"Prosper for us the work of our hands, O prosper the work of our hands!" -- Psalm 90:17
I've often thought of this verse from the psalmist as an almost greedy prayer, as if to pray for the prosperity of our works was too much self-interest and not nearly enough self-giving.
I probably also have a long-standing objection to anything with the word "works" in it, given my younger years as a Baptist. Works, we were told by way of the Apostle Paul, were opposed to grace. Occasionally, the preacher would let James speak of the value of works, but not before ushering him politely out the door of unmerited grace. Works had no place in the economy of salvation. Saved by grace through faith, not by works. And perhaps even now that's part of my religious constitution.
Yet now, with Labor Day approaching and, perhaps even more, as I contemplate my forty-fifth year of life, I think more often about whether the works of my hands -- my students, my scholarly efforts, my preachings -- whether or not they will prosper; or alternatively, I see them "succeed" and I rejoice or I grieve when they do not.
But even our "successes" -- the things that seem to leap off the page and into life, students who go on to achieve something of promise in the world -- these are short-lived things. We know that the work of our hands will eventually decay, will eventually lose its brightness and its vivacity. It may even turn on us one day and say, "You were no good!" And, of course, our ability to produce new things also fades: the hands that work lose their youthful vigor, become arthritic, less certain, more likely to release in weariness than to grip in strength.
And so our works, like the hands that fashioned them, decay.
Perhaps these are morose thoughts, but they are timely for me. The dining table in our house is a hive of activity, functioning as an all-purpose activity center for our children. Sometimes we eat there but mostly it's an art center. At present, it's covered with a now discarded rough draft of a book manuscript I've been working on, only now its once solemnly footnoted and carefully arranged arguments have been overlaid -- or eclipsed entirely -- with crayon scenes of colorful flowers, and birds, and flowing streams, and butterflies.
When my daughters saw it sitting on the floor of my office, they asked if they could have it. "Yes," I said, "I'm through with it, take it. . . ."
For a long time, it's been difficult for me to look at the manuscript, seeing its mistakes, hearing my voice to the point of exhaustion, knowing too well where the writing is strained, and all the other demons that haunt writers. Even though those feelings haven't left me entirely, the manuscript seems to have gained new life, almost like leaves do as they turn from green into reds, oranges, and yellows in the fall. In a way that I find suggestive, our children have added a "sacrament" of color to my otherwise "discarded" or "decaying" works.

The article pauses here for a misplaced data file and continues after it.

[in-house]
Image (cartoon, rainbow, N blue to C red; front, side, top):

Could this be a sign of sorts? That there is within all of our works the deeper work of the Spirit, the presence that undermines our work with something like laughter? Not cruel laughter, the laughter of scorn or derision, but something like the laughter of color, the way leaves, drained of chlorophyl's greening powers, finally surrender themselves to bright reds, and yellows, and oranges?
I read somewhere that some of the color we see in autumn is the actual color of the leaves, that it is only the chemistry of chlorophyll that makes them appear green, the sign of their vigor and youth. But their deeper color, this one we often mistake as a sign of their passing.
I would like to think that this is true for us all, as we rejoice in the productive seasons of our lives, that these manuscripts of labor can, by the gift of some ordinary sacrament, begin to bring into expression the deeper hues of our holy vocations, our labors surrendering to the joy and laughter that awakened our souls in the earliest moments of life.
Such surrender may seem like dying, and to the world it will always seem so, but perhaps for those who have eyes to see and ears to hear it will supply a foretaste of a deeper prosperity than merely the works of our hands.